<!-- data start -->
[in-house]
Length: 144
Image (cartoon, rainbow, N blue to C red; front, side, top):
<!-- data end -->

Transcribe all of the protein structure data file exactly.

[in-house]
Length: 144
Image (cartoon, rainbow, N blue to C red; front, side, top):